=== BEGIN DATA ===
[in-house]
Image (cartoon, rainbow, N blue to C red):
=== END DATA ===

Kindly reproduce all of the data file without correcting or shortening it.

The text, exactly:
[in-house]
Image (cartoon, rainbow, N blue to C red):